Tuesday 30 August 2011

Cosmic Camera

Photography in space has a certain appeal. None of that dirty Earth atmosphere to get in the way of the light and you certainly won't get any interruptions from passing strangers. These days we take the photographs taken in space for granted but back in the early sixties the technology had to be developed to achieve photography in space.

This great little film documents how the Lunar Orbiter Camera started and advanced that process. The technology is remarkable. The orbiter features a 70mm dual lenses film camera, processing lab, analogue scanner and transmitter all in one. The film used was Bi-Mat which was similar to Polaroid.

The camera was designed to map the moon's surface to gain useful information for the moon mission that would follow some three years later. The camera did manage to photograph the Earth too - the first photograph to show the whole of the Earth floating in space.

Friday 26 August 2011

Sixteen Days

It's with a great deal of pleasure that i can announce the launch of my first photography book release called Sea, Sky, Sand and Street available from blurb.com.

Based on this year's Solo Photo Book month project, this brand new 7x7 inches (18x18 cm) photography book has been completely redesigned from scratch and features a new layout design, over 70 photographs including a number of new images and more.

For the next sixteen days (check out the book preview to spot why it's 16 days) the soft cover version of book will be available to buy for the introductory price of £16.95 plus £4.99 postage. The sixteen day period will end on midnight September 10th when the price will return to £18.95

The new Sea, Sky, Sand and Street book in soft cover and hardback can be purchased HERE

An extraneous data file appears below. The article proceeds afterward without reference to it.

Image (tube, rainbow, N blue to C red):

Saturday 20 August 2011

TateShots: Don McCullin

A short but wonderfully insightful interview with Don McCullin. I've always liked Don's humble attitude towards his career and work. A shame more photographers don't think like him. I did have to defend his work though on a number of occasions when i was attending the various photography re-education camps that made up my photo education some years ago now.

Ironically most of the criticism did not come from the students but from the lecturers who didn't like, what they believed to be, the artification of McCullin's work due to shows like the one seen in the film. The fact that his work was in a gallery seemed to make it, in their eyes, less worthy as photojournalism or even, dare i say it, less worthy as photography. Photojournalism had no place in a gallery where it could be perceived as art.

Selling out was a common complaint from various lecturers at different establishments. Selling out seemed to be a coded metaphor for success. Success made you weaker creatively and morally. Don McCullin and Sebastião Salgado were usually singled out for criticism. My argument to that was simple. You'd turn down lucrative offers from galleries and sponsors?

Of course they wouldn't.

Saturday 13 August 2011

Where Children Sleep

Joey aged 11 owns two shotguns and a crossbow and made his first kill – a deer – at the age of seven.

This work i  really like. I'm talking about the photography of James Mollison and especially his project 'Where Children Sleep' which takes a look at kids bedrooms from around the world. The results are fascinating.

You wouldn't believe that a bedroom could say that much but Mollison's photographs cleverly prove that theory wrong. The above photograph stood out for me, although many others were equally striking - especially those images of children whose bed is an old mattress or sofa  exposed to the elements.

The sheer scale of inequality portrayed in the photography is just breathtaking. Some kids have everything (too much in some cases!) and others have nothing. Remarkably It's not just the photographs of poor children's room that make you think. Questions come to mind viewing almost all of the photographs.

James Mollison's Where Children Sleep photographs can be found on his website HERE

A few images not included in his website gallery can also be found HERE

Thursday 11 August 2011

Photo'd Shop Looter

Faked... but funny. Number ten looters

Yes. The photograph above is a fake, but a rather funny and clever view of recent events in the UK. Bloggers, the public, the media and the politicians are now trying to get to grips with things and understand what the heck happened. Most seem out of their depth. There is a gut feeling that the answers aren't going to be simple ones.